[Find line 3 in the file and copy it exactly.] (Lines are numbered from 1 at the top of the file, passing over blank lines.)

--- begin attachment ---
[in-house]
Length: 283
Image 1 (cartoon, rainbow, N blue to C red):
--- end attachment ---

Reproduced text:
Image 1 (cartoon, rainbow, N blue to C red):